<< Wednesday, December 04, 2019 >>

Wednesday, December 4, 2019

Townsend Book Chat with Grace Lavery: Quaint, Exquisite: Victorian Aesthetics and the Idea of Japan

Lecture | December 4 | 12-1 p.m. | Stephens Hall, Geballe Room, 220 Stephens

 Townsend Center for the Humanities

Lavery examines the contradictory role — as both rival empire and cradle of exquisite beauty — played by Japan in the Victorian imagination.

Insistent Things: What Artifacts have to Say about Buffalo Soldiers’ Campaign for Citizenship Rights

Lecture | December 4 | 12:10-1 p.m. | 101 2251 College (Archaeological Research Facility)

 Laurie A. Wilkie, Professor, Anthropology, UC Berkeley

 Archaeological Research Facility

This paper will examine the ways that Black regulars serving in the frontier military used personal and company-owned artifacts to participate in national discourses on masculinity, citizenship and being human.

Directing molecular behavior in solution and at solid-liquid interfaces: Eastman Lecturer

Lecture | December 4 | 4-6 p.m. | 180 Tan Hall

 Susannah Scott, University of California Santa Barbara

 Department of Chemical Engineering

Heterogeneous catalyst design is often hampered by a lack of precise information about the molecular identity of the active sites. Synthesizing model catalysts with control of the local structure allows us to interrogate the active sites about their interactions with reactants and products.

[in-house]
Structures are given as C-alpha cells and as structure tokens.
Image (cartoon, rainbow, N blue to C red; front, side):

Archipelagic Vietnam: Rethinking Nationalism and Trans-Pacific Regionalism at the Shoreline

Lecture | December 4 | 4-5:30 p.m. | 180 Doe Library

 David Biggs, Professor of History, UC Riverside

 Center for Southeast Asia Studies

Until recent conflicts over the South China Sea, Vietnam’s history has been almost wholly described in terrestrial terms. Seaborne connections across the East Sea and the Pacific have however played key roles in defining modern Vietnam. This talk reimagines Vietnam as an archipelago, a more permeable nation-system of nodes linked by flows of energy, food, people and technology.

David Biggs

First Step(pe)s: The Silk Road from a Steppe Perspective

Lecture | December 4 | 5-7 p.m. | 370 Dwinelle Hall

 Ursula B. Brosseder, Bonn University

 Institute of East Asian Studies (IEAS)

Numerous, far-reaching migrations and contacts have taken place during prehistory across the vast Eurasian steppes, reaching from Eastern Europe or the Near East to Inner Asia and present-day China. However, the intensity and speed of connectivity between East and West changed profoundly in the late first millennium BC. Traditional narrative holds that this change was initiated by the travels of...   More >